ROSSETTI, Christina Georgina (1830-1894). Verses. London: Privately printed at Gaetano Polidori's, 1847.
8° in half sheets (171 x 108mm). Unbound, unopened and uncut, crimson morocco solander case. Pages 55-56 present in uncancelled and cancelled states: the original setting is slit for cancellation. The cancellandum is without the date '1847'; stanza 5, line 1 reads 'And now thou art gone,' not 'And now that thou art gone'; line 3 reads 'And see in the clouds,' not 'And see the clouds'; stanza 6, line 1 reads 'Yes, oftentimes I sit beneath its row,' not 'Yes, oftentimes I sit beneath it now'; stanza 8, lines 1-2 have no quotation marks, line 1 with full-stop at end, not semi-colon. Provenance: inscribed to J.H. Ingram by William M. Rossetti (the inscription on title verso reads: 'J.H. Ingram from W.M. Rossetti (his last spare copy) 8 Octr. 1882') -- John Quinn (bookplate). Exhibited: Grolier Club (1950s exhibition label).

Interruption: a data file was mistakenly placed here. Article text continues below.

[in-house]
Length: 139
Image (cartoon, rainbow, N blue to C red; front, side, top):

FIRST EDITION. A FINE ASSOCIATION COPY INSCRIBED BY THE AUTHOR'S BROTHER WILLIAM M. ROSSETTI, EXTREMELY RARE. Printed by Christina's maternal grandfather at his own private press in Park Village East (on the northern corner of Regent's Park), these poems were composed when Christina Rossetti was between eleven and sixteen years old. In his preface (entitled 'A Few Words to the Reader'), Gaetano Polidori confirms that Christina's first composition (printed on p.17) was written on her mother's birthday in April 1842. This was originally copied out in a large copperplate hand on pencilled lines that were then erased, and presented to her mother with a posy. The collection, dedicated to her mother, consists of 42 poems, of which 40 are in English and two in Italian, a significant achievement for sixteen years. 'The Dead City' holds premier place, followed by 'The Water Spirit's Song', the mermaid fantasy of 1844, and several poems celebrating the rose which Christina adopted as her emblem. While Verses was a gesture of grandfatherly indulgence, it also marked Christina's formal literary début, and was distributed outside the immediate family. Marsh pp.32-41, 72-76; Hayward 267.